The concentration of tramadol in the sample was determined by an external standard method using peak area. Serial dilutions of the standard were injected and their peak areas were determined. A linear standard curve was constructed by plotting peak areas versus the corresponding concentrations. The concentration of tramadol in the sample was then obtained from the curve and was found to be 36.5 mg/ml.
Figure 1: HPLC chromatogram showing tramadol standard peak at a retention time 3.9 min.
Figure 2: HPLC chromatogram showing tramadol peak in a honey sample at a retention time 3.9 min.
In the present study, we describe the first identification of tramadol in a sample of commercially available honey. The sample was brought to our laboratory suspecting the presence of a drug of abuse because of the awareness of the consumers of withdrawal symptoms when discontinuing ingesting the honey. Since abuse of and dependence on tramadol is a widespread health problem in Egypt [12-15], the presence of tramadol was initially suspected and later proved to be the case.
The abuse of tramadol is a growing health concern worldwide [8-11]. The drug is a potent centrally-acting analgesic owing to a selective action on μ-opioid receptors . It is used to alleviate moderate-to-severe pain . Side effects of the drug include nausea, vomiting, dizziness, drowsiness, and orthostatic hypotension . In addition, severe hyponatraemia  and generalized tonic-clonic seizures have also been described with high doses of tramadol . Overdose can cause ventricular tachycardia and, cardiac arrest in asystole with refractory shock [18, 19].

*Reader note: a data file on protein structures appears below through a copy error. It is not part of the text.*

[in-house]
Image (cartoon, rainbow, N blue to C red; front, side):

Tramadol dependence does occur within the recommended therapeutic doses and could be severe in those who are susceptible . Even after disease regression, the patient usually continues to take the drug because of a feeling of well-being [21, 22]. The drug inhibits neuronal reuptake of noradrenaline and serotonin thereby enhancing monoaminergic neurotransmission [5,6]. The agent is thus likely to have antidepressant properties and this might be one reason which accounts for the continued intake of tramadol because of a mood enhancing effect (to improve mood) despite pain regression [23, 24]. Withdrawal symptoms occur after tramadol discontinuation. Mostly, withdrawal symptoms are those of classical opioid withdrawal (eg., abdominal cramps, anxiety, depression). However, atypical withdrawal symptoms might occur including hallucinations, delusions, paranoia, panic attacks, and confusion  or even seizures .
The importance of the present finding of tramadol in honey also derives from the ability of the drug to cause serotonin-like syndrome if taken with other drugs that increase serotonin activity . The latter is a life-threatening condition resulting from excessive stimulation of serotonergic neurotransmission with disorientation, agitation, restlessness, tremors, seizures, coma, cardiac arrhythmia, and hypertension . Serotonin syndrome has been reported following treatment with tramadol and either selective serotonin-reuptake inhibitors  or the atypical antipsychotic ziprasidone .
The present study describes the identification of tramadol in commercial honey. This finding should alarm authorities on the ways used to introduce this drug with addiction liability into food.
The authors acknowledge The National Research Centre (NRC), Cairo, Egypt, for financial support.
On behalf of all Co-Authors, the corresponding Author, states that this research work is original and has not been published in whole or in part elsewhere.